For some reason, many homeowners do not consider using grasses within their front or back gardens. Yet as a garden designer, I almost always use one type of grass within a design as they have so many functions.
Carex Nigra is one of my favourite grasses and I use it a lot within design. The green and black seed heads sit above translucent lime green stems, gently waving in the breeze.
On top of that, it is tolerant of poorly drained soil and exposed sites, so is a really hardy plant as well as being visually quite stunning. As well as providing a great visual structure to a garden design, the grasses make beautiful swooshing noises in the breeze, adding to the sensory qualities of the plant.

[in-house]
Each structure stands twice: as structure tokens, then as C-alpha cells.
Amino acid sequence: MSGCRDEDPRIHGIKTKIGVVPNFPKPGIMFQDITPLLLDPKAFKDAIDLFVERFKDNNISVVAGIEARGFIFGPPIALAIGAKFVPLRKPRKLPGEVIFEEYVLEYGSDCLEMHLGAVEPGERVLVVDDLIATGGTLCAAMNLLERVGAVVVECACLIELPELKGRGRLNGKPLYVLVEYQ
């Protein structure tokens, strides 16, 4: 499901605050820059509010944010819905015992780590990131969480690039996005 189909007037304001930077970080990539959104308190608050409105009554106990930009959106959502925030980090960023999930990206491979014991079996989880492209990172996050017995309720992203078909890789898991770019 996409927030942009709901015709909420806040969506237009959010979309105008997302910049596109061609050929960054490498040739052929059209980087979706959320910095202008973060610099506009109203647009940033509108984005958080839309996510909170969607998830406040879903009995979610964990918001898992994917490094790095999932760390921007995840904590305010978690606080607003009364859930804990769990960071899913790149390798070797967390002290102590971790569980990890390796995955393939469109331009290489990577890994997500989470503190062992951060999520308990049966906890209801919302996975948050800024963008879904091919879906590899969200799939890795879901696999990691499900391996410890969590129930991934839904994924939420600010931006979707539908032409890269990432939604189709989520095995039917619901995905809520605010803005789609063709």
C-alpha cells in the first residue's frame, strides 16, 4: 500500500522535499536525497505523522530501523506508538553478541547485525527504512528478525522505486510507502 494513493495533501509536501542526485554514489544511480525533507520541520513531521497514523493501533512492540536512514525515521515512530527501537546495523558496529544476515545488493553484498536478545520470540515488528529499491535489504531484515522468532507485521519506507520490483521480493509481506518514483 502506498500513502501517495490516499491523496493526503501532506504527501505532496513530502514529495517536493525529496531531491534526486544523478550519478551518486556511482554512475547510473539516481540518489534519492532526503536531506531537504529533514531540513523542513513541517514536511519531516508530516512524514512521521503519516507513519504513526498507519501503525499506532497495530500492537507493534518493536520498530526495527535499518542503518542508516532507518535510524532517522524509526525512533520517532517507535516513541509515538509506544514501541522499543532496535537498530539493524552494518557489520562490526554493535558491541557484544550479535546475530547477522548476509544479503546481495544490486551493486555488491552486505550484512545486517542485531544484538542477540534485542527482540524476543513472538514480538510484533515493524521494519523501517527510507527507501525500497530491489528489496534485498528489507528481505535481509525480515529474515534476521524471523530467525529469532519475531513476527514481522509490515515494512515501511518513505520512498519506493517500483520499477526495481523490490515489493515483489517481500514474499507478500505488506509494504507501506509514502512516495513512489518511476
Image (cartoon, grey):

Haring across to Halifax
These large scale sculptures in Halifax’s Piece Hall by Sophie Ryder were more stunning than I had expected. When you look at each piece up close, there are random objects – small toys, a pair of scissors, a set of key – embedded beneath the bronze – giving a whole new viewpoint.
Within the garden, large pieces of sculpture can be used to highlight areas and guide the eye to a certain point. if you have a large garden to plan out, it’s worth looking into a piece of garden sculpture to provide focus.
What have I been reading?
What a brilliant article here on design website It’s Nice That, regaling the story of a designer who, inspired by her love of house plants, created a series of new fonts based on plants.
My favourite has to be the ‘Saguaro’, its spikiness mimicking the spines of the cactus.
Read the full article here: www.itsnicethat.com/articles/anna-sing-greenhouse-type-graphic-design-040522